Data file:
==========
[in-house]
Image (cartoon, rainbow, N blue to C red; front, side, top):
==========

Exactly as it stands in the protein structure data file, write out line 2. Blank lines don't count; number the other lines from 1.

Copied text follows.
Image (cartoon, rainbow, N blue to C red; front, side, top):